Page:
An innovative “solar cooker bike,” launched by Nedbank in partnership with the Wildlife and Environment Society of South Africa (WESSA) and Sunfire Solutions, aims to introduce a sustainable way of clean energy cooking to communities in Soweto.
The energy efficiency project; which is a pilot exercise that could lead to a much bigger future rollout; combines the cooking power of reflected solar rays with the mobility of a bicycle and an attached trailer.
Nina Wellsted, Environmental Sustainability Manager at Nedbank, says “As part of our far-reaching Caring for Communities Programme, Nedbank is sponsoring seven solar cooker bikes which will be donated to seven Dobsonville recipients comprising five street vendors, Boikanyo Primary School and the Dorothy Nyembe Education Centre. This is a proud milestone for our programme at a time where the provision of energy needs to evolve to meet the demands of our nation.”
SunFire Solar Cookers have a lifespan of around 10 years and work by concentrating sunlight to a focal point reaching in excess of 200 degrees Celsius on a clear and sunny day. The SunFire Series Parabolic Solar Cookers compose of six reflective panels that concentrate sunlight to a central focal point.
The cooker has a pot stand that can house black pots or frying pans absorbing enough heat to Braai meat or boil water (meaning they can also generate clean drinking water if need be). The cookers can cook for up to 30 people at a time and boils a Liter of water in 4 minutes which is as fast as an electric kettle without harming the environment.
Importantly, comprehensive training on the assembly and the use of the solar cookers, which have been manufactured by Sunfire Solutions is being provided to this community.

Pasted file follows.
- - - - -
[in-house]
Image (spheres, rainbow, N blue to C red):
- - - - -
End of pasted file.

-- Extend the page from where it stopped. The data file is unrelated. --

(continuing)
By placing the solar cooker on a trailer that is hooked up to a bicycle, the “solar cooker bike” is created, enabling users such as street vendors to cook food in an environmentally responsible and cost effective manner that is combined with incredibly useful mobility.
“We see this project as a brilliant way of extending our Caring for Communities and Saving our World programme that transfers projects and knowledge to needy communities, including vegetable tunnels and rainharvesting tanks,” said Wellsted.
“Through this ongoing programme we assist schools and communities to save resources such as water and electricity and to generate healthy food and nutrition in a sustainable way.”
Nedbank has had a strong partnership with WESSA in taking its sustainability to schools and communities and believes that the “solar cooker bike” has great potential for introduction into other parts of South Africa.
Commenting on behalf of WESSA, Claire Warner, education manager for the northern areas region, said the Dobsonville launch will provide the platform for a focused introduction of the concept that is aimed at encouraging the use of solar power as a cleaner alternative in our energy mix.
“There is also huge educational value in this project, practically demonstrating to young people and adults how the power of the sun can be harnessed to do more than just heat water through solar panels.”
Crosby Menzies Founder of SunFire Solutions says, “It is projects like these that allow SunFire to explore and expose technologies which can have immense benefits for the two billion people who are still reliant on firewood for their daily cooking energy source. This concept allows families to save on electricity or paraffin costs while also helping reduce harm to the environment.”